Bahrain's belligerence includes British bruises with long arm of injustice and abuse

Nabeesignl

Bahrain: Harassment of leading human rights defender Nabeel Rajab at Heathrow Airport
31 Jul, 2014 – BCHR

The Bahrain Center for Human Rights (BCHR) and Gulf Centre for Human Rights (GCHR) express their concern over the harassment and ill-treatment of leading human rights defender Nabeel Rajab and his family at the hands of the authorities at Heathrow Airport.

On 24 July 2014, Nabeel Rajab, president of BCHR and director of GCHR, arrived with his wife and two children (12 and 16 years old) at Heathrow International Airport from Bahrain on a personal visit to see friends and undergo medical checkups in the UK. To their surprise, they were held for approximately five hours at a temporary detention center at the airport as they were waiting for the immigration authorities to process their entry papers. Their luggage was thoroughly searched and their fingerprints and photos were taken. They felt that they were treated “like criminals”. Rajab was allowed one phone call only and had to be escorted by a policeman when going to the rest room. Additionally, he was interrogated about his sentence and imprisonment in Bahrain, which was the apparent reason for this treatment. Later, they were informed that they would be allowed to enter the country; however, their passports were held for investigation and they were told that they will be notified in two weeks (by August 7, 2014) whether they will be allowed to stay in the UK for three weeks as they had planned. Rajab’s visa was issued via the UK embassy in Bahrain a few days before his trip and no issues were brought to his attention at that time.

Rajab was imprisoned in Bahrain for two years between July 2012 and May 2014 for exercising his right to freedom of assembly by participating in and calling for peaceful protests, in the Capital Manama, in defense of people’s rights in Bahrain.

He was considered a prisoner of conscience by several human rights bodies including the UK based Amnesty International[1], and his detention was considered arbitrary by the United Nations (UN) Working Group on Arbitrary Detention.[2]

In June 2014, the UK embassy in Bahrain held his passport for over 16 days after he submitted it to apply for a UK visa, despite the fact that the normal visa procedure does not take more than 5 days. The embassy also delayed handing back the passport after he asked for it even if without a visa. Eventually he was handed back the passport with a visa that was issued then canceled. As a result of this delay, the embassy effectively managed to hinder the human rights defender’s planned activities to travel to the UN human rights council (HRC) 26th session in Geneva, as a meeting organized between Rajab and the OHCHR was cancelled after initial postponement, and his participation in several planned events on the side of the UN HRC, which were announced publicly were also cancelled, due to the fact that he was not able to travel while his passport was held at the embassy.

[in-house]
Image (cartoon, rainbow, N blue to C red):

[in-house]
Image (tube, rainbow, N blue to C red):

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Nabeel Rajab chose to return, change Unjust System that keeps him in chains

Bahrain: Nabeel Rajab’s request for early release from prison denied by Bahraini authorities
28 January, 2014 – IFEX

The Gulf Centre for Human Rights (GCHR) and the Bahrain Center for Human Rights (BCHR) have expressed grave concern regarding the Bahraini authorities’ treatment of Nabeel Rajab, the imprisoned president of BCHR and the general secretary of GCHR, in addition to their refusal to grant him the early release he is eligible for as per the law.

A request for early release was submitted by Nabeel Rajab’s lawyers on 21 January 2014 to the court but it was rejected and no reasons were given to back the decision up.

Before announcing his verdict, the judge reportedly did not a take any action to investigate whether conditions for early release had been met. This is the third attempt submitted by Rajab’s lawyers requesting his release, based on article 349 of the Code of Criminal Procedures which sets conditions for early release.

These are as follows:
– Three quarters of the sentence had already been served;
– The defendant exhibits good and trustworthy behaviour whilst in detention;
– The defendant does not pose a threat to public security.

Although all three of those conditions apply to Rajab’s case, all requests submitted by his lawyers were rejected without reason.

In the letter submitted to the judge on 21 January, Nabeel Rajab’s lawyer provided evidence of his eligibility for early release and complained about the discrimination against Rajab in applying the law of early release, as well as the harm he suffered because of the prolonged delay in responding to his request which was submitted to the Court of Cassation to suspend the sentence. …more